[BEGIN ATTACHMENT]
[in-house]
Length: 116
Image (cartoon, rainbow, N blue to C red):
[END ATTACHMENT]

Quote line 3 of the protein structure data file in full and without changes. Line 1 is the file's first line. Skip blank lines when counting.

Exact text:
Image (cartoon, rainbow, N blue to C red):